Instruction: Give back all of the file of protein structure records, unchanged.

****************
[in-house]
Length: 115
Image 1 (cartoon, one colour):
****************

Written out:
[in-house]
Length: 115
Image 1 (cartoon, one colour):